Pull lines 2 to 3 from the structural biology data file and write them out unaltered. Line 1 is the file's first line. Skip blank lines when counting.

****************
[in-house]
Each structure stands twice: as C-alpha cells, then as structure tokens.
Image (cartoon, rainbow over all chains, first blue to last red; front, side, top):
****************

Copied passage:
Each structure stands twice: as C-alpha cells, then as structure tokens.
Image (cartoon, rainbow over all chains, first blue to last red; front, side, top):